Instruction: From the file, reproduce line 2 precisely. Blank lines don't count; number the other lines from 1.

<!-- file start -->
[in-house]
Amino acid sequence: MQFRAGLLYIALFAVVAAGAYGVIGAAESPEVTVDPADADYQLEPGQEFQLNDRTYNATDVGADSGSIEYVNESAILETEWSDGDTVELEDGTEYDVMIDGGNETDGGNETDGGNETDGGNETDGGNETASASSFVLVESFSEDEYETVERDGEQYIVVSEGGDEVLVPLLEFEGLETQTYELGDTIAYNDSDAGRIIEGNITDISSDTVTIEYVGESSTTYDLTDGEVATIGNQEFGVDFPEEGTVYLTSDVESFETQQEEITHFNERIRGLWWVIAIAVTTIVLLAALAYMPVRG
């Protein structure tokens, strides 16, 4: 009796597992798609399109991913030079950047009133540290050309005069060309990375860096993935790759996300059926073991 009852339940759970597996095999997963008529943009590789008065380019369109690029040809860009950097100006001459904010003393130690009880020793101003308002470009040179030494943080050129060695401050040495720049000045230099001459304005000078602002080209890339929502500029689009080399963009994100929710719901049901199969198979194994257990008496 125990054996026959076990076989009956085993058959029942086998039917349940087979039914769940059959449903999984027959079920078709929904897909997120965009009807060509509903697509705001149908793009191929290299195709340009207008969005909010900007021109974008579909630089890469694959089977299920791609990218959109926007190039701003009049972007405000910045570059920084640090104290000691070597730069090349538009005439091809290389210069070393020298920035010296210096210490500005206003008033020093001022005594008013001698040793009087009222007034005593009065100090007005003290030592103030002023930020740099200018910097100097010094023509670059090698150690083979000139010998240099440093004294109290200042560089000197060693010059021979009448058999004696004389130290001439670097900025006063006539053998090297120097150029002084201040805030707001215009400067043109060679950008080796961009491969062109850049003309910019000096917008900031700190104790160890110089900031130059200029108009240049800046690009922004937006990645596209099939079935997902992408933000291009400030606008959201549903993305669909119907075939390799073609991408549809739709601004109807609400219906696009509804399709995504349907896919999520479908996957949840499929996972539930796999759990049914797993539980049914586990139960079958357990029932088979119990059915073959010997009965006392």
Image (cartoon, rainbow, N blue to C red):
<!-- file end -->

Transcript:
Amino acid sequence: MQFRAGLLYIALFAVVAAGAYGVIGAAESPEVTVDPADADYQLEPGQEFQLNDRTYNATDVGADSGSIEYVNESAILETEWSDGDTVELEDGTEYDVMIDGGNETDGGNETDGGNETDGGNETDGGNETASASSFVLVESFSEDEYETVERDGEQYIVVSEGGDEVLVPLLEFEGLETQTYELGDTIAYNDSDAGRIIEGNITDISSDTVTIEYVGESSTTYDLTDGEVATIGNQEFGVDFPEEGTVYLTSDVESFETQQEEITHFNERIRGLWWVIAIAVTTIVLLAALAYMPVRG